In recognition of Juneteenth, Montana’s Black Law Students Association and the Montana Innocence Project will host a virtual panel on June 17 from 5:30 – 6:30 p.m. Alicia Miles, Director of Admissions at the Alexander Blewett III School of Law, will moderate the panel, and it will feature Courtney Smith, the Montana Racial Equity Project’s Criminal Justice Initiative Lead, Akilah Lane, a Civil Rights Staff Attorney with the ACLU of Montana, and SK Rossi, the founder of Central House Strategies and the former Director of Advocacy and Policy at the ACLU of Montana.
The emancipation proclamation, which declared all enslaved people free, was issued on January 1, 1863, but news of emancipation did not arrive in Texas until June 19, 1865. Juneteenth commemorates this day. It is celebratory but also a day for education and reflection. As such, our panel discussion will center around the issue of mass incarceration and Ava DuVernay’s 2016 Netflix documentary “13th.”
The United States is the leading country in incarceration. Our population makes up less than five percent of the world’s population, but our inmates make up nearly 25 percent of the world’s inmate population. The term mass incarceration refers to the sheer number of people we incarcerate but also the underlying motivations. Just six months after the news of emancipation made it to Texas, the 13th Amendment was ratified. It abolished slavery but not entirely. As described in Duvernay’s documentary, the amendment made it unconstitutional to enslave someone—unless they are a criminal. The 13th Amendment states, “neither slavery nor involuntary servitude, except as a punishment for crime whereof the party shall have been duly convicted, shall exist within the United States, or any place subject to their jurisdiction.” With the amendment clearly allowing for slavery in the form of punishment for committing a crime, the creation of laws targeting Black, Indigenous, and People of Color, the over-criminalization and over-policing of BIPOC, and the unjust and wrongful convictions of BIPOC have been ever-present in America.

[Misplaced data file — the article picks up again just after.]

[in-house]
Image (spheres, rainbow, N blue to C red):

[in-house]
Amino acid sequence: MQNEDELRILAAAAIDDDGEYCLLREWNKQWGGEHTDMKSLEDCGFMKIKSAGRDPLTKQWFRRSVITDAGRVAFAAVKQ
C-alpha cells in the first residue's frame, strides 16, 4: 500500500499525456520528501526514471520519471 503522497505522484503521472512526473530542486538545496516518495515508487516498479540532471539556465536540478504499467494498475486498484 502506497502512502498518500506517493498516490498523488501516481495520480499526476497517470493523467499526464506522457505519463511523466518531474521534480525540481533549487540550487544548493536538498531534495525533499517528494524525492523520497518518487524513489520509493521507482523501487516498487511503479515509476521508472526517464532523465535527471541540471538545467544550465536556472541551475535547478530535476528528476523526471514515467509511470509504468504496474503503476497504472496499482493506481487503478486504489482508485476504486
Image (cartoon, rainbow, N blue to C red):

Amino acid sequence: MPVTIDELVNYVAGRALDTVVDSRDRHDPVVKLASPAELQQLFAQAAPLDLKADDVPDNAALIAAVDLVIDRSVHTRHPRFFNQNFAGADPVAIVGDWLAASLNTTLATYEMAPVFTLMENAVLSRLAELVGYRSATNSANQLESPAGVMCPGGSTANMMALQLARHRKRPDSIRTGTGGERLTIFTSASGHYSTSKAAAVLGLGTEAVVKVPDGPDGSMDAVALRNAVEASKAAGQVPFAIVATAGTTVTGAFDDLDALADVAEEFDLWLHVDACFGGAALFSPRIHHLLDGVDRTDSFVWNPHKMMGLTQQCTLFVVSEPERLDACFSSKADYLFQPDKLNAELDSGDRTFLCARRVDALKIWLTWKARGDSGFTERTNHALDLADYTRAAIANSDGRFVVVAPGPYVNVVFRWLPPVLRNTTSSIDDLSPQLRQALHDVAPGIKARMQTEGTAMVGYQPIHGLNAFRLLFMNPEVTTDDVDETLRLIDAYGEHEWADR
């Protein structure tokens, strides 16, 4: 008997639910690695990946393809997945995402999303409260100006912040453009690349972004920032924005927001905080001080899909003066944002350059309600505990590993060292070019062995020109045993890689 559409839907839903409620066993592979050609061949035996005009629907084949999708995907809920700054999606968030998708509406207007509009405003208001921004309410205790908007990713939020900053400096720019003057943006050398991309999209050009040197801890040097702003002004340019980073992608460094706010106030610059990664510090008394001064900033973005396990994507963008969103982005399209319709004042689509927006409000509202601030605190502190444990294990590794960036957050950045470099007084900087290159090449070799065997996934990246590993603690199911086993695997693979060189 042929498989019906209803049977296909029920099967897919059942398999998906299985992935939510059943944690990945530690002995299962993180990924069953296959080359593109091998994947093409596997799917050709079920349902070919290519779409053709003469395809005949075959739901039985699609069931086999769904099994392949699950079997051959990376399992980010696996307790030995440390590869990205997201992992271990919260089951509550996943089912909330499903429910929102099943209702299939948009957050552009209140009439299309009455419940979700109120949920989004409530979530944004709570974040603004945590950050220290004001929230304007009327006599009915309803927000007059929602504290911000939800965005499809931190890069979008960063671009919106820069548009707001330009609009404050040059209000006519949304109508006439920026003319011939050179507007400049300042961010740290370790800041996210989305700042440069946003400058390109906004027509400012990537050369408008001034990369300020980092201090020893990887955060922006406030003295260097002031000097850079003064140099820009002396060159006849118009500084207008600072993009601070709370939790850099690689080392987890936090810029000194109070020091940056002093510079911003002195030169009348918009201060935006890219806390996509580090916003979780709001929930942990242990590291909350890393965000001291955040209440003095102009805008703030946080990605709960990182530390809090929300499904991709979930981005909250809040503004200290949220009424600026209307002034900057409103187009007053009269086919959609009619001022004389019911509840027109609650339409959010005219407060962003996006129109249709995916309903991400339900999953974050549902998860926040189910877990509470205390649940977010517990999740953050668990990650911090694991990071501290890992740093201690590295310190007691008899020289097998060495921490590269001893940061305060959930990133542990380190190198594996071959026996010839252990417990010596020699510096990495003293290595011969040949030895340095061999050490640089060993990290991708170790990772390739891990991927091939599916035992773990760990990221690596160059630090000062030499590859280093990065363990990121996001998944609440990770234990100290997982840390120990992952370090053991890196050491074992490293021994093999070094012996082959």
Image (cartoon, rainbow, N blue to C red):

The panel will discuss how mass incarceration is a form of modern-day slavery, how the criminal legal system promotes mass incarceration today, how society has come to associate BIPOC with criminality, and how mass incarceration persists in Montana. MTIP and MBLSA encourage viewing “13th” on Netflix prior to the panel discussion.
Please note that the panel is not on Juneteenth. It is on June 17 from 5:30 – 6:30 p.m. on Zoom.
Meeting ID: 918 0057 3206